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After grateful alumni acquired the Mueller Spaghetti Company on behalf of New York University, and the courts held that the university did not have to pay tax on the pasta maker’s income, Mueller’s competitors cried foul. Congress responded to their pleas and enacted the unrelated business income tax (UBIT). The UBIT subjects an otherwise tax-exempt entity, such as a charitable institution or a religious organization, to tax on its income from a trade or business that is not substantially related to the organization’s tax-exempt purpose. The UBIT is widely viewed as leveling the playing field between taxable for-profit businesses and …


Prejudgment Interest In International Arbitration, Jeffrey M. Colon, Michael S. Knoll Oct 2007

Prejudgment Interest In International Arbitration, Jeffrey M. Colon, Michael S. Knoll

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Tribunals in international arbitration are regularly asked by claimants to award prejudgment interest. Unless foreclosed by an agreement between the parties, there is widespread agreement prejudgment interest should put the claimant in the same position as it would have been had it not been injured by the respondent. However, there is little consensus how to calculate prejudgment interest in order to accomplish that purpose. In this Essay, we describe the proper method of calculating prejudgment interest based on sound financial principles. Using the paradigm that the respondent has forced the claimant to make an involuntary loan to the respondent, we …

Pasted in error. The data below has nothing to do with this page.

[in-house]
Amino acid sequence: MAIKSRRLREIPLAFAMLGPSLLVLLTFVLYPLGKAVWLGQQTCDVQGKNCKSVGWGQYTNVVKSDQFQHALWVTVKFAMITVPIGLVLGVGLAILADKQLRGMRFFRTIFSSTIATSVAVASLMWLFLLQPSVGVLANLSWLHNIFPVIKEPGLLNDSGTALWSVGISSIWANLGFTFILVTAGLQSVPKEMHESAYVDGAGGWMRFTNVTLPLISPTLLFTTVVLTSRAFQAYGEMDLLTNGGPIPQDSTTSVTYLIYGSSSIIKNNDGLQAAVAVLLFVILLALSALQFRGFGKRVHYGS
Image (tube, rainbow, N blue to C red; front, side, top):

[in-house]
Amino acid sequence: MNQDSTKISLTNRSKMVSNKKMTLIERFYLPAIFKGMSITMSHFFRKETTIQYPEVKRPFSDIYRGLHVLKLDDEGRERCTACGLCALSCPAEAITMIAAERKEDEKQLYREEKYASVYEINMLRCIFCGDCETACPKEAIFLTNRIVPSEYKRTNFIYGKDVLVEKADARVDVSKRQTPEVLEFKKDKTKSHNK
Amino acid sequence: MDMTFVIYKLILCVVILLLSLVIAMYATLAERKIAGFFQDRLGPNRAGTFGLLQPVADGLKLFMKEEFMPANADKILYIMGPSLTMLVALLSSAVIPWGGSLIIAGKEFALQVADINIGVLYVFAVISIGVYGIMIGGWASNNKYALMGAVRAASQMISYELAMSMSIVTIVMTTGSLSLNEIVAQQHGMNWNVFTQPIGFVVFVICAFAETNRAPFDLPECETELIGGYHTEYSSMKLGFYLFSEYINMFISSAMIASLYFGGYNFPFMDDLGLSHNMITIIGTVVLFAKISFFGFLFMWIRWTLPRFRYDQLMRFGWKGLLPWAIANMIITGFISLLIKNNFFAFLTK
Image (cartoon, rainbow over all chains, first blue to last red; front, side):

Shareholder Litigation: The Accidental Elegance Of Aronson V. Lewis, David A. Skeel Jr. Oct 2007

Shareholder Litigation: The Accidental Elegance Of Aronson V. Lewis, David A. Skeel Jr.